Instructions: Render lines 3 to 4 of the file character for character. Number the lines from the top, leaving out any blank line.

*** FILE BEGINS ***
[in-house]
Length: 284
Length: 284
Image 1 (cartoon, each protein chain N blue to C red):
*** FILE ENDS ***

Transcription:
Length: 284
Image 1 (cartoon, each protein chain N blue to C red):